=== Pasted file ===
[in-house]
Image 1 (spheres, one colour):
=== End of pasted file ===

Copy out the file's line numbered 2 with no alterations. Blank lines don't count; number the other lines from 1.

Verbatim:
Image 1 (spheres, one colour):